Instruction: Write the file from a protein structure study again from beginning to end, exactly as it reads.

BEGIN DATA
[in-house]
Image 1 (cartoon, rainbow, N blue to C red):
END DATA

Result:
[in-house]
Image 1 (cartoon, rainbow, N blue to C red):